Wednesday, 22 September 2010

Real Gardens #1 - Rae O'Connor

In Rae O'Connor's Timaru garden spring is blooming. The walkway along the north side of the house, which leads to the back yard, is flanked by red and white camellias and vibrant purple primulas. A lemon tree is tucked into the sheltered nook created by the glass conservatory and a mandarin tree nestles in behind it. A wooden cartwheel supports clematis and climbing roses, which also twine along the railing of the ramp leading to the conservatory.

If you follow the walkway down you will reach this sheltered seating area. Sheltered by tall trees, it provides shade and privacy. The trees are underplanted with daffodils and white primulas, making a sweet woodland area. In the background you can see the heritage apple tree 'Peasgood Nonsuch'. (The apples make lovely cider!)

This area has been personalised with hanging garden art. Rae made the heart ornament from chicken wire bent around a wire frame, and filled with white river stones.

Close up of the daffodils in the early morning sunlight. The pots are filled with cyclamen and other tiny flowering treasures.

Look at this magnificent glasshouse! Built by the previous owner of the property, it has a wooden frame and several windows which open for ventilation. Rae grows tomatoes, peppers, early potatoes and 'Kentucky' climbing beans.

In front are three raised vegetable beds, built from concrete blocks. The blocks are slowly but surely being filled with strawberry plants, propagated by runners, which provide an ornamental and productive edging.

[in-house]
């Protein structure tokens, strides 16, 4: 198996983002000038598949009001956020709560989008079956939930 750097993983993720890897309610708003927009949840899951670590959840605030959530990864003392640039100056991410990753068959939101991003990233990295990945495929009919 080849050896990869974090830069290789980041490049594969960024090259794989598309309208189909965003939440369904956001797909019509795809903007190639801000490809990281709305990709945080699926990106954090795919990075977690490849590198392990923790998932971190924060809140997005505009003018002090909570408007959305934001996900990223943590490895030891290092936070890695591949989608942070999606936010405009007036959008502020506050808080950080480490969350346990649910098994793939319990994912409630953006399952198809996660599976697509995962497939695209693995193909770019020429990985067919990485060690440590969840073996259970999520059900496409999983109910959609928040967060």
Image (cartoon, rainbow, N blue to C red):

Alongside the glasshouse are more strawberry beds. The fruit are perfect to eat freshly picked and warm from the sun. Rae makes strawberry jam with the excess.

The beds are bare at the moment, but soon they will be filled with an assortment of vegetables including potatoes, lettuce, carrots, peas, sweet corn, pumpkins and beans. In the background you can see a grapevine trained along the fence, which produces an abundance of black grapes.

The space behind the glasshouse is useful for hiding compost bins and items which are not currently in use in the garden. Compost bins are made from concrete blocks, and a plastic drum with holes drilled in it to let air through.

Also along the back fence is the wire support for thornless blackberry canes. This way they get full sun and are easily accessible to pick. Along the side wall of the shed are red and blackcurrant bushes. In the bottom left corner of the photo is a gooseberry bush.

The clothesline has been made decorative as well as functional by planting a small flower garden around its base. The old metal peg holder has also been given new life as a planter.

I'm on the lookout for one of these for my own garden!

And so ends the first Real Gardens tour. I hope you've picked up a few ideas. See you back here next month for another tour!

(Click on the photos to view them larger)

Wednesday, 15 September 2010

Beautiful Nature

Nature dealt us a doozy of a blow last week. She is now redeeming herself with warm and lovely spring days, gentle overnight rain, lush growth (particularly of the lawn and weed variety), and a general air of promise and hope.